Animation Principles in UI Design: Understanding Easing

An in-depth look into Ease-in and Ease-out

Timing and Spacing

NOTE: "Readable" is how animators define clarity in animation — how clear and easy it is to understand what’s happening. 

E.g.:

That doesn’t read = It’s not clear what’s happening
That reads very well = It’s super clear. I got it immediately
Spacing for the red robotic ball and the bouncy green ball

Observing the real world

The Physics behind the bounce: The moment the ball is let go, it has a relatively slow speed. As the force of gravity pulls it down, the ball’s speed keeps increasing until it hits the ground at maximum speed. The ground contact forces the ball back up at roughly the same speed. As the ball moves up, two forces are at work — the rebound force that’s pushing it up and the force of gravity that’s trying to pull it down. The rebound force is slowly spent, causing the ball to reduce speed as it rises higher, until finally it reaches the top of its bounce where there’s no more rebound force. It hangs in there for a microsecond before gravity pulls it back down, causing it to accelerate as before.There’s a reason I’m describing this in words. We’re trying to break down a natural action into concrete steps so that we can recreate it. 
  1. When the ball is at the top, it is slow. As it falls, its speed increases.
  2. While bouncing back up, the ball is fast to start with. It slows as it reaches the top.
  3. When the ball is moving fast, it covers a lot of distance. As it slows down, the distance it covers is much less.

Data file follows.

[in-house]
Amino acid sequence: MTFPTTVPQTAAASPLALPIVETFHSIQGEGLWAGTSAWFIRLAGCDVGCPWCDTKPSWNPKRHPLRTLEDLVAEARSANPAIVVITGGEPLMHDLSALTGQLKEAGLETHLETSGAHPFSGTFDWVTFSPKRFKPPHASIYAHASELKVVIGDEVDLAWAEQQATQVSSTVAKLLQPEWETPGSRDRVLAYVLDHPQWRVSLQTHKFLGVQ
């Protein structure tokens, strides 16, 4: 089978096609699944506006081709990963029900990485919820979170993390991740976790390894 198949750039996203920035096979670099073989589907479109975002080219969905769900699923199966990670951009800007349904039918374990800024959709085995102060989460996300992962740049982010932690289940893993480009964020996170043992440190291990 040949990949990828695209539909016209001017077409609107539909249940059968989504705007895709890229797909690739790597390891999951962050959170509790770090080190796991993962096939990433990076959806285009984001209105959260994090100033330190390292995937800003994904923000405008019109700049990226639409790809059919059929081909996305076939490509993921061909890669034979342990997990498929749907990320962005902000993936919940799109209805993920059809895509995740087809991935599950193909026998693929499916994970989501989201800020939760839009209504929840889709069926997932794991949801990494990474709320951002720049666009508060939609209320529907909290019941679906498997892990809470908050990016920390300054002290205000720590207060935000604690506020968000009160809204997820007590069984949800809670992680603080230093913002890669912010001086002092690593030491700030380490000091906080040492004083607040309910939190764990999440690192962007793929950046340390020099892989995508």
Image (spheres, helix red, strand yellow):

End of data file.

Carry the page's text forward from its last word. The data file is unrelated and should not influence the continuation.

Applying what we observed

NOTE: Don’t be ashamed to “copy” nature as much as you can. Your audience will relate to the animation faster, making it easier for them to read.

Ease-in and Ease-out

Ease-in: start slow and accelerate
Ease-out: start fast and decelerate
CAUTION: There’s a potential for confusion in this terminology. If you read a traditional animation book such as Disney’s The Illusion of Life or The Animator’s Survival Kit, they’ll tell you that, when an object starts slow and then picks up speed, it’s called ease-out, as it is “easing out” of its pose. But, in the software industry (CSS animation, Adobe Edge, etc), this is called ease-in! I’m not sure how this difference came to be, but unfortunately, that’s how it is. So, if you read an article and they’re calling an ease-in as ease-out, don’t get too confused. Just take a quick look at what website you’re on :D.

Reading the easing curves

Icon for ease-in transition in most software products
Time   Y-Position
(sec): (pixels)
----------------
0.0 : 0
0.1 : 34
0.2 : 68
0.3 : 102
0.4 : 136
0.5 : 170
Plotting the red ball on a graph
Time   Y-Position
(sec): (pixels)
----------------
0.0 : 0
0.1 : 2
0.2 : 10
0.3 : 36
0.4 : 87
0.5 : 170
Plotting the green ball on a graph
NOTE: You’ll see more easing options in your software such as quadratic, cubic, quartic, etc. They're just higher easing, but the concept is the same. Just remember — the higher the easing, the more easing you get.

Easing applied to UI Design

There are no rules. Only tools
- Glenn Vilppu

Boring menu without easing
Menu, sprinkled with easing magic

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Suresh V. Selvaraj

Founder of Nivritti Software. Makers of Mitya — an interaction prototyping tool. www.mitya-app.com